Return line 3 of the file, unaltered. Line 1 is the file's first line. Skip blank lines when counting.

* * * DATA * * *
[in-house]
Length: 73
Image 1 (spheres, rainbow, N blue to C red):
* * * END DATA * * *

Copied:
Image 1 (spheres, rainbow, N blue to C red):